Penny Ericson

In Penny's own words: Chemo Cookery Club is not about making special food. It’s aboutmaking food special. Turning lemons into lemonade.

Following a fund-raising charity book I published, Polo Picnic, in aid of the Helen Reinking Trust for Alzheimer’s Society, a friend suggested I do something similar for cancer patients and carers. I assumed there would be plenty of cookbooks out therealready. I then considered the particular expertise required todo the job and decided I wasn’t qualified. I’m not a doctor or adietician. I’m not even a chef! I crumpled up the notion and filed it in the ‘too difficult’ bin.

Then I met a guy in my local pub who made me think again.About a lot of things actually. He was midway through a course of chemotherapy following the removal of a malignant tumour the size of a grapefruit from his colon six months earlier. We got talking. His positive attitude was contagious. But it was clear he had been given little in the way of dietary information to help him through his treatment and recovery.

This got me thinking. I don’t know anyone who hasn’t been touched by chronic and debilitating illnesses such as cancer, Crohn’s or diabetes in some way. I’ve experienced all three in my life, as patient, daughter, friend and now wife to that guy in the pub.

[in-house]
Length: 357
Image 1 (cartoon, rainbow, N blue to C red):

So I decided that being a published and skilled cook and carer was enough qualification. I could get professional advice from the experts. I started by searching for books with a joyful view of food and an appreciation of the special circumstances of patients who experience things like ‘rubber mouth’ and ‘metal mouth’. Books that didn’t look and feel like the inside of a clinic. I couldn’t find any. They just weren’t there.

It was a steep learning curve. You don’t think of chemo suites as being especially foodie but I was soon to realise that food was foremost in people’s minds, especially those plonked into the role of carer for the first time. All too often I heard stories from people who had little experience of preparing family meals or managing the weekly shopping. Chopping an onion could be far more intimidating than executing mega-deals in the boardroom.

Listening to so many stories of how the enjoyment of food could be turned upside down or, discovered anew, from so many gave me great inspiration. Wellness isn’t just about diet. It’s also about how we feel and satisfy our desires. We eat with our eyes.

I hope Chemo Cookery Club inspires those surviving illness and their loved ones to treat the experience of preparing and enjoying food as a part of wellness. We all need to eat, even when we don’t feel our best. I hope these recipes bring comfort and happiness.


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